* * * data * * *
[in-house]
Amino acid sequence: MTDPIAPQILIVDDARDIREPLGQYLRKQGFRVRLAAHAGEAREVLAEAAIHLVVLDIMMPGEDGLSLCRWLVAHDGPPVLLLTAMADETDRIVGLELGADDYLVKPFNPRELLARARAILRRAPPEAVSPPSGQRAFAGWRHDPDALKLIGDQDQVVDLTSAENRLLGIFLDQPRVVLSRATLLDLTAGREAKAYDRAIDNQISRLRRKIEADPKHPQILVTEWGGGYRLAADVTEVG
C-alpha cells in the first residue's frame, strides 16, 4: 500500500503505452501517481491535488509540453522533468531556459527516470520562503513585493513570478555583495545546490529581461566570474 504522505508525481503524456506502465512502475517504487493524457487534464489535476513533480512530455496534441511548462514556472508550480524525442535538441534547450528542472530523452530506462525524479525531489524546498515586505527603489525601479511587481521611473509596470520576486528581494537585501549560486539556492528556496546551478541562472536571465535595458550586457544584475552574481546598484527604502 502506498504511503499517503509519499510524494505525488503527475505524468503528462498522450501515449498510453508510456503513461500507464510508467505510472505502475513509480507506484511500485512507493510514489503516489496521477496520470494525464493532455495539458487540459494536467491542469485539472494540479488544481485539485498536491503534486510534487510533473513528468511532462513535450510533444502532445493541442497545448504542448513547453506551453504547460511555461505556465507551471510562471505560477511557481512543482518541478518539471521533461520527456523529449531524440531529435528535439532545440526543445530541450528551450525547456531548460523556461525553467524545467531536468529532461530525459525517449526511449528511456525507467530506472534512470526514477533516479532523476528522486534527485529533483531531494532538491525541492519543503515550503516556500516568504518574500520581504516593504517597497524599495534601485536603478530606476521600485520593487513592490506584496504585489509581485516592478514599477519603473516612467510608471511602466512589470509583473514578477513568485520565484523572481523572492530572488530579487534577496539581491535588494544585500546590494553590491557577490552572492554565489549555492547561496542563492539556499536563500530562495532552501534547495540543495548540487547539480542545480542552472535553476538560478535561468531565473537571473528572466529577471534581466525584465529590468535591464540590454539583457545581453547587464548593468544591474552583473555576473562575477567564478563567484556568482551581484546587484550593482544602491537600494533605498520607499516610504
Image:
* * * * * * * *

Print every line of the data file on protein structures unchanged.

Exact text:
[in-house]
Amino acid sequence: MTDPIAPQILIVDDARDIREPLGQYLRKQGFRVRLAAHAGEAREVLAEAAIHLVVLDIMMPGEDGLSLCRWLVAHDGPPVLLLTAMADETDRIVGLELGADDYLVKPFNPRELLARARAILRRAPPEAVSPPSGQRAFAGWRHDPDALKLIGDQDQVVDLTSAENRLLGIFLDQPRVVLSRATLLDLTAGREAKAYDRAIDNQISRLRRKIEADPKHPQILVTEWGGGYRLAADVTEVG
C-alpha cells in the first residue's frame, strides 16, 4: 500500500503505452501517481491535488509540453522533468531556459527516470520562503513585493513570478555583495545546490529581461566570474 504522505508525481503524456506502465512502475517504487493524457487534464489535476513533480512530455496534441511548462514556472508550480524525442535538441534547450528542472530523452530506462525524479525531489524546498515586505527603489525601479511587481521611473509596470520576486528581494537585501549560486539556492528556496546551478541562472536571465535595458550586457544584475552574481546598484527604502 502506498504511503499517503509519499510524494505525488503527475505524468503528462498522450501515449498510453508510456503513461500507464510508467505510472505502475513509480507506484511500485512507493510514489503516489496521477496520470494525464493532455495539458487540459494536467491542469485539472494540479488544481485539485498536491503534486510534487510533473513528468511532462513535450510533444502532445493541442497545448504542448513547453506551453504547460511555461505556465507551471510562471505560477511557481512543482518541478518539471521533461520527456523529449531524440531529435528535439532545440526543445530541450528551450525547456531548460523556461525553467524545467531536468529532461530525459525517449526511449528511456525507467530506472534512470526514477533516479532523476528522486534527485529533483531531494532538491525541492519543503515550503516556500516568504518574500520581504516593504517597497524599495534601485536603478530606476521600485520593487513592490506584496504585489509581485516592478514599477519603473516612467510608471511602466512589470509583473514578477513568485520565484523572481523572492530572488530579487534577496539581491535588494544585500546590494553590491557577490552572492554565489549555492547561496542563492539556499536563500530562495532552501534547495540543495548540487547539480542545480542552472535553476538560478535561468531565473537571473528572466529577471534581466525584465529590468535591464540590454539583457545581453547587464548593468544591474552583473555576473562575477567564478563567484556568482551581484546587484550593482544602491537600494533605498520607499516610504
Image: